What do you expect the wholesale price of electricity to be 10 years from now? Don’t know? Nobody does, which is why offshore wind could continue to need some form of financial support.
Predicting wholesale electricity prices in the short to medium term can be tricky. Take the UK market this spring, for instance. At one point, the wholesale price of electricity spiked to levels not seen in a decade when strong winds that had characterised late winter came to a halt. As a result, the price for baseload power soared to around £80 (US$106) per megawatt hour, which is almost twice as high as one might have expected to see early in March. That was because National Grid needed to make greater use of expensive gas-fired power when the winds dropped.
As OWJ has many times reported, the cost of electricity from offshore wind has fallen steeply, primarily as a result of engineering innovation. There are still plenty of technical challenges for the industry to address, and opportunities for the supply chain to enhance efficiency through R&D, but there was a strong sense at Global Offshore Wind 2018 in Manchester last week that finance – not cost reduction – for offshore wind has become the major preoccupation.
There is every confidence in the industry that technical innovation will take it over the line and into an era of zero-subsidies but financing a zero-subsidy merchant project is an altogether different kettle of fish compared to one with a nice chunky subsidy and guaranteed returns.
In Germany, where the coalition government has set a target of 65% of electricity to be generated by renewables, there is a concern that market revenues for offshore wind and other renewables could be ‘cannibalised’ as low-cost capacity enters the market.
The same fear has been expressed in the UK. That could be a problem for offshore wind because if no one really knows what the wholesale electricity prices will be in future and you cannot predict what you are going to be paid for the electricity you produce, how can you make an investment decision? Add in the fact that the cost of capital for subsidy-free renewables will be higher than for projects supported by a subsidy and next-generation offshore wind projects could face a financing challenge.
Analysis by consultants such as Aurora Energy Research shows that, in the right circumstances, subsidy-free renewables could almost eliminate the need for high-cost gas-powered electricity generation. That will make it easier for governments to meet carbon targets, but the merchant nature of investment for subsidy-free windfarms would expose the market to increasingly complex drivers of capture prices – that is, the price an asset or technology actually achieves in the market.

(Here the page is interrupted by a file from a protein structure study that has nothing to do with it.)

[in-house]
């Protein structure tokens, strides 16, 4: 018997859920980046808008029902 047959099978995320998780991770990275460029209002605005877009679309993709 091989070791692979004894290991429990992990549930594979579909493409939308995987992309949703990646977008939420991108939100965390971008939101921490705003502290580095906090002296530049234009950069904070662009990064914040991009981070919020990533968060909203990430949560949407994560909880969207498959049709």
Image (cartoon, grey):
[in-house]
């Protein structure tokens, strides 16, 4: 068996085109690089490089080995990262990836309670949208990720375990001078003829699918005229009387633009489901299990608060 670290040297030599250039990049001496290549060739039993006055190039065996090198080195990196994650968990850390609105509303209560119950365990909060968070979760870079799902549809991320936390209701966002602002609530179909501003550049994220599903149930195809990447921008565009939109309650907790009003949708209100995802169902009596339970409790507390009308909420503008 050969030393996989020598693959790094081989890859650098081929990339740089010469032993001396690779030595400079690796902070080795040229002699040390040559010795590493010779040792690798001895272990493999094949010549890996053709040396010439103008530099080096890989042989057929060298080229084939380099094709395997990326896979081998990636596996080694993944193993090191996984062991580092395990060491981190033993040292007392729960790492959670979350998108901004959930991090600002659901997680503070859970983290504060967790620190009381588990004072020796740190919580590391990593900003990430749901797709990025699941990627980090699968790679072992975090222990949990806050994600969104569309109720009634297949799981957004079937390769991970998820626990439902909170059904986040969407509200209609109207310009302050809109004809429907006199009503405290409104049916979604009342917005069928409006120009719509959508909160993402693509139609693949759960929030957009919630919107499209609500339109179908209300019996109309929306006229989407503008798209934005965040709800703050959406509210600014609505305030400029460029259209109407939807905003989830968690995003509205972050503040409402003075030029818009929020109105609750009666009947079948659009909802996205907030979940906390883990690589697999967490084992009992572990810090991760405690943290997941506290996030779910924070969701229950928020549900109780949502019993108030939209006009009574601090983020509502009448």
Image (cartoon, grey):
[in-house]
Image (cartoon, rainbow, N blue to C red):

As Cornwall Insight noted recently, the value earned from wholesale power is going to become increasingly important for renewables, but price cannibalisation will be a major complication. This is because of what it described as the depressive influence on the wholesale electricity price at times of high output from intermittent, weather-driven generation such as solar, onshore and offshore wind.
When there is a lot of wind in the system it tends to drive down the wholesale price – so much so that there is a risk of price cannibalisation – whereas, as happened this spring, when the wind isn’t blowing, the wholesale price goes up. That is one reason, for instance, why there is so much interest in being able to store energy from offshore wind and other renewables – to prop up the capture price.
Contrast this scenario with the existing contracts for difference (CfD) regime in the UK, where generators are guaranteed a price for the power they produce, and the consumer effectively meets the difference between the wholesale price and the agreed ‘strike price.’ You can see why a lot of clever people are spending a lot of time thinking about new financing models for offshore wind, without which, some argue, it could become a victim of its own success.
Power purchase agreements (PPAs) are an option in the long-term but that market isn’t sufficiently developed to help meet renewable energy targets right now. Moreover, a company entering into a PPA might struggle to manage intermittency from renewables and there might not be that many who are large enough to enter a PPA for a large offshore windfarm, so some form of intermediary would probably be required.
All-in-all, there is a need for zero-subsidy offshore wind to find a way to reduce its dependence on the wholesale market. There are a number of potential solutions (see OWJ's upcoming article about finance), but just as the CfD scheme has provided certainty, reduced risk and played a key role in the hugely successful roll-out of offshore wind in the UK, so a new arrangement might be necessary as offshore wind transitions to zero-subsidy CfDs, to enable generators to hedge against risk.
One way or another, it seems likely that there will need to be a mechanism – such as guaranteed top-up payments when the capture price is low – that provides a solution, at least in the short term.